Publication Date: June 29th 2013
POV: Alternating - First-person, Past tense
My Rating: 4 out of 5
All Poppy Seabrooke wants is to marry the man she loves, Cade Tanner, but she has unwittingly signed a blood pact promising herself in marriage to Angus Wolfe, a powerful warlock. And in the witch’s realm, the pact is unbreakable. Now unless the past can be changed, happiness is forever out of her reach.
Cade Tanner would follow Poppy Seabrooke to hell and everywhere in between if it meant she’d be his forever. When Poppy’s powerful aunt and grandmother devise a scheme to break the pact with Angus, Cade and Poppy are transported back to fifteenth century England. But Cade soon finds that Angus Wolfe isn’t the last of his troubles.
This was a great conclusion to Cade and Poppy's story. We visit a third new world, meet new characters, and have new adventures. I loved the setting in this one. I have always been intrigued by the time period and I loved seeing Cade adapt so well. Except for his jealousy. I thought he was being very foolish about that.
I liked Colin and Pearl and I am sad that I won't see them again. In a way, this story felt incomplete or that it could be revisted in the future. Cade and Poppy are safe and together and happy, but Angus is still out there, and the Council is still corrupt. They saved themselves but not their world. I suppose that is more than I should expect from them, but I am just used to stories where the characters go all the way to solve all the problems they see, especially in all the dystopians I have read.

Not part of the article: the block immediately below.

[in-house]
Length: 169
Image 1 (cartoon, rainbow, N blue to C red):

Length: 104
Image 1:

Distraction so much. It was my favourite from this series, and this would be my second. I felt like I didn't see enough of Cade and Poppy together in this one. While they were on their mission in the past they didn't get a lot of opportunity to be together and I was beginning to really miss that by the end of the book.
Another reason why this story felt like it could be revisited is because of Mari and Jackson. I would love for Mari to find happiness like her sister but it was unclear whether or not that had happened. All the book said was that they had become inseparable. That's a word usually used to describe friends or children, and I don't know if I would be reading too much into it to assume they were more than friends. But I choose to assume that they are.
So, a great conclusion to the series, with a bit of tragedy mixed in with their happiness. And another great book from Tess Oliver. I will continue to read more from her.